This chapter reflects on the novel ways of knowing that artistic practices have to offer to mobilities studies. Building on the work of Bruno Latour (‘matters of concern’) and Hans-Jörg Rheinberger (‘experimental systems’), some of the epistemological questions that are related to artistic interventions as ways of knowing mobile worlds are explored through the analysis of two cases from artistic practice. The first focuses on a sound artwork by the Italian artist and researcher Daniela de Paulis who has extensively worked on mobilities in her artistic practice. In the project Night Mail, inspired by the eponymous 1936 British documentary showing how mail is transported from London to Glasgow by night train, she made a contemporary sonic documentation of a parcel traveling between these cities. The entire journey was recorded with an MP3 player inside the package. The second recounts the site-specific theater project Cargo Sophia-X (2006) of the German theater group Rimini Protokoll. They adapted a freight truck so that an audience could be seated in its cargo hold. While the truck drivers followed their regular route, the audience looked at actual highways and haulage sites through a large window on the side of the truck. Framing these exemplary cases as mobile research helps to investigate the systemic gestures of transportation and mobilities that stretch out from urban fabrics to connect them over large distances. By analyzing how artists stage the movements of a parcel and not a person, a qualitative difference is articulated between Flaneuring and inhabiting a system we normally do not know from the inside.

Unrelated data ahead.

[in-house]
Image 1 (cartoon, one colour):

|Title of host publication||Envisioning Networked Urban Mobilities|
|Subtitle of host publication||Art, Performances, Impacts|
|Editors||Aslak Aamot Kjaerulff, Sven Kesselring, Peter Peters, Kevin Hannam|
|Place of Publication||London and New York|
|Publisher||Routledge/Taylor & Francis Group|
|Number of pages||12|
|Publication status||Published - 2017|
Peters, P. (2017). On becoming a parcel: Artistic interventions as ways of knowing mobile worlds. In A. A. Kjaerulff, S. Kesselring, P. Peters, & K. Hannam (Eds.), Envisioning Networked Urban Mobilities: Art, Performances, Impacts (pp. 26-37). Routledge/Taylor & Francis Group.